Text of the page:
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2019: A Watershed Year for Global Environmental Activism

Saif Islam 15 January 2020
15 January 2020    Saif Islam

Political Violence Special Edition

S-RM's fourth annual Political Violence Special Edition

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Incidents of mass mobilisation over environmental issues such as climate change gained significant global traction in 2019. Inspired by environmental activists such as Greta Thunberg and organisations such as Extinction Rebellion, millions of school learners, university students, activists and supporters have been organising protests and strikes across the world. The largest events occurred in Australasia, Western Europe and North America.

These protest actions not only imposed pressure on politicians but also targeted the commercial sector. For example, in London, protesters blocked roads outside the Bank of England, glued themselves to the London Stock Exchange entrance, and blockaded or damaged offices of several multinational corporations. Protesters also halted traffic in other urban centres around the world, bringing many of them into a standstill.

Activists are adamant that if governments and international organisations do not take firm action on climate change, protest activities will persist. In the coming months, mass protests are likely to continue and may even expand. 2020 will mark five years since the adoption of the Paris Agreement, when countries will assess how much greenhouse gas emissions they have managed to cut, and what more needs to be done. These negotiations are likely to be fraught and indecisive, encouraging the new generation of environmental activists to remain on the streets.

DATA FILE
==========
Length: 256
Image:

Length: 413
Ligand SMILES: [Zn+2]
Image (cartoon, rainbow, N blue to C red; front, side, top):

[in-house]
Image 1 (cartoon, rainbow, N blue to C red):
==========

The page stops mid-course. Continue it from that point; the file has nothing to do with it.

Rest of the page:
However, question marks remain whether the unprecedented level of environmental activism witnessed in 2019 can be maintained over the long term. Major environmental protests have historically been defined by short bursts of activity around important climate deadlines or summits, with momentum eventually fading. This happens for several reasons, including disillusionment with slow pace of political action, unrealistic deadlines set by activist groups, and weak organisational structures. For example, Thunberg recently said that the 2019 school strikes “achieved nothing” because greenhouse gas emissions have continued to rise. This means that environmental groups will continue to advocate on these issues in the near future, but disappointment over lack of change as well as protest fatigue could make it difficult to maintain the extraordinary degree of participation witnessed in 2019. Similarly, unrealistic goals by certain groups – such as Extinction Rebellion’s demand that greenhouse gas emissions should be reduced to net-zero by 2025 – could also dampen their supporters’ motivation in the long run.

 

2019 environmental protest in numbers

As at 1 December 2019, organisers say an estimated 13 million people participated in 70,000 protest events in 6,900 cities in more than 200 countries and territories.
The 20 September demonstrations – which attracted more than four million people worldwide – were reportedly the largest environmental protests in history.

 

Some highlights from September protests:

SRM Political Violence Special Edition - Protest Highlights Map

 

Major Protests and Strikes

SRM Political Violence Special Edition - Major Portest and Strikes timeline-1

Commercial and financial impact

Extinction Rebellion’s protest actions cost the UK police more than USD 50 million in 2019
In April, London’s West End businesses lost an estimated USD 16 million in sales in only two days of protests
Thousands of tech workers in Silicon Valley, San Francisco, walked out on 20 September
In the US, at least 400 businesses closed or gave workers time off on 20 September

 

Read our 2020 Political Violence Special Edition for more global security insights.

 

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Saif Islam
Saif Islam Senior Analyst, Security and Crisis Management Email Saif

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